Riding in the Wind

Distance: 40.3 miles
Time: 2:01:30
Average Watts: 190 watts
Normative Power: 211 watts
Average Heart Rate: 156 bpm
Total Work: 1,419 kJ
Average Speed: 19.9 mph

Yep, this was one of those rides you do everything you can to average 20.0 mph and it just doesn’t happen. This was my Monday morning ride and it is the foundation for this post on how to ride your bike in the wind…

A Tale of Two Rides

Riding in the wind may be almost as hated by most cyclists as riding up steep inclines or being chased by a dog. I know I used to hate riding in the wind and would use it as an excuse to delay a ride. Truthfully, riding on a windy day and focusing your effort can help you improve your overall speed and endurance.

Personally I ride a lot of out and back routes. That means when there is wind I am riding into it for a significant portion of my ride. I prefer to ride into the wind for the out portion so I can feel the serious speed that comes when you put some push behind your pedals and the wind is at your back. Add a slight downhill and BAM! you have magic.

Monday morning the wind was pretty solid. It was tough enough that by the end of the out portion of this ride my legs were tired. Some of that was residual fatigue from my century on Saturday, but most of it was pedaling through some steep rollers into a headwind. The first 20 miles took me 1:09, which translated into a 17.3 mph average for the distance. My average power was 195 watts and my normative power for this section was 213 watts. That wasn’t my highest effort of the season to date, but it still taxed my legs.

The way back was a totally different story. The power output was really close to the first hour, but I finished the second 20.34 miles in 52 minutes for an average speed of 23.5 mph. My strategy for attacking the hills was way different on the way back. But that is a post for another day…

What I like to do on a windy day is attack the two sections — riding into a headwind and riding with a tailwind — differently. When I am riding into a headwind I keep my effort measured and within a range that I know I can maintain for the time I project I will be riding into the wind. I totally ignore speed and heart rate and just focus on power. If that means I am really slow, it means I am really slow.

If you are in a race, your competitors will be suffering in the wind too and will most likely take breaks when facing a headwind. Their effort will dimish over time. That is why it is important for you to focus your effort and ride consistently while you are riding into the wind. You can really put some time on other racers when the riding is tough.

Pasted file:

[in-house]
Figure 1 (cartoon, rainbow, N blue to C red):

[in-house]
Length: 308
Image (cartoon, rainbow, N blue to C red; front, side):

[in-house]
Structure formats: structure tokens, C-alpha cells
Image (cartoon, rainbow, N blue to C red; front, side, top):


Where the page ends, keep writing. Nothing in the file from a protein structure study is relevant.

Turning around and having the wind at your back is an amazing feeling, but it is not the time to slow down. Most people will take a little break to get their legs back under them, but if you have been riding within yourself while you had the wind in front of you, then turning around allows you to have another advantage. If you resist the temptation to take a break, then again here you have the opportunity to put some time and distance between you and your competitors.

So my advice is to improve your proficiency at the things that other people hate to do. Get good at riding into a headwind. Know how to measure out your effort so you can make the turn to home and have some power left in your legs. Know from experience how it feels to put in a little surge for the first five minutes after you turn around and have the wind at your back so you can bury other racers. As your practice these type of sessions again and again, you can figure out how to take advantage of a windy race day…

Congrats to Jeff of Dangle the Carrot

There is one blogger that I have become friends with over the years who lives in Houston in my home state of Texas. I will forgive him for living in Houston, but I digress…

Saturday he finished his first Ironman in 12:19, an amazing time. He put together an amazing training plan and worked his plan to perfection. His race and nutrition strategies were perfect and he really had almost a perfect day. You can read his race report here….

About the Author

I have been participating in running and triathlons for 10 years and love the feeling that training provides. You may not agree with me, but you know you just can't look away...